Boom… a combined impact of at least 120 mph into the side of Darren’s right pannier, kicking the back of the bike out sending him into a huge wobble before eventually sliding the bike and himself 40 m up the road. I was a few meters behind as we headed round a left bend, Darren was hanging off the back of a truck trying to peak round when a Land Cruiser came by cutting the corner. I thought ‘this is going to be tight, but Darren knows what he’s doing’. Not this time and thankfully it only resulted in damage to the pannier and the shredding of his jacket and trousers. Actually the impact destroyed the pannier and sent the contents all over the road. Crashing at 60 mph has never been good for the panniers, as we found in Angola, and it shouldn’t be good for us, but in the mighty hand of grace we are protected. Dusk was upon us and we pushed on to the large town of Mbeya where we could find accommodation and possibly someone to fix the alloy pannier.  Tanzania started tough, and tough it would continue to be.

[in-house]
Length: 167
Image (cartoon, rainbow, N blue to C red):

We were guided through the Mbeya dark to a friendly, cheap, church hostel by ‘James Bond’, the first of many Tanzanians characters who would come to our aid. The next morning he helped Darren find a welder to patch up his pannier and a haberdasher to patch up his trousers. We also put on our nice new tyres which meant we could finally lose the old ones from Hereford and save some weight from the back of the bike. Here we met Mhini, a sweet guy, and Muslim gentleman, who was also a guest and working in Mbeya. Meeting him was no coincidence as we made friends, went for meals, drinks, exchanged numbers and headed off towards the dirt roads and Burundi.

Leaving Mbeya we travelled 290km up the dirt road to Chala, a small village in the west of Tanzania, not too far from Lake Tanganika. By 10 am the following morning as we continued northwards – both bikes were dead!

Broken and beaten